Improving the Accuracy of Planet Occurrence Rates from Kepler Using Approximate Bayesian Computation

Danley C. Hsu, Eric B. Ford, Darin Ragozzine, Robert C. Morehead

Research output: Contribution to journalArticle

12 Citations (Scopus)

Abstract

We present a new framework to characterize the occurrence rates of planet candidates identified by Kepler based on hierarchical Bayesian modeling, approximate Bayesian computing (ABC), and sequential importance sampling. For this study, we adopt a simple 2D grid in planet radius and orbital period as our model and apply our algorithm to estimate occurrence rates for Q1-Q16 planet candidates orbiting solar-type stars. We arrive at significantly increased planet occurrence rates for small planet candidates (R p < 1.25 R ) at larger orbital periods (P > 80 day) compared to the rates estimated by the more common inverse detection efficiency method (IDEM). Our improved methodology estimates that the occurrence rate density of small planet candidates in the habitable zone of solar-type stars is per factor of 2 in planet radius and orbital period. Additionally, we observe a local minimum in the occurrence rate for strong planet candidates marginalized over orbital period between 1.5 and 2 R that is consistent with previous studies. For future improvements, the forward modeling approach of ABC is ideally suited to incorporating multiple populations, such as planets, astrophysical false positives, and pipeline false alarms, to provide accurate planet occurrence rates and uncertainties. Furthermore, ABC provides a practical statistical framework for answering complex questions (e.g., frequency of different planetary architectures) and providing sound uncertainties, even in the face of complex selection effects, observational biases, and follow-up strategies. In summary, ABC offers a powerful tool for accurately characterizing a wide variety of astrophysical populations.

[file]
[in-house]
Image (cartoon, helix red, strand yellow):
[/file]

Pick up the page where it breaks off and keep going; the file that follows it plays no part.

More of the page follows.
Original languageEnglish (US)
Article number205
JournalAstronomical Journal
Volume155
Issue number5
DOIs
StatePublished - May 2018

Fingerprint

planets
planet
occurrences
orbitals
astrophysics
rate
stars
radii
false alarms
forward modeling
estimates
sampling
grids
methodology
acoustics
modeling

All Science Journal Classification (ASJC) codes

  • Astronomy and Astrophysics
  • Space and Planetary Science

Cite this

@article{d24f8b134dfa443e9ccfeb76b514c32c,
title = "Improving the Accuracy of Planet Occurrence Rates from Kepler Using Approximate Bayesian Computation",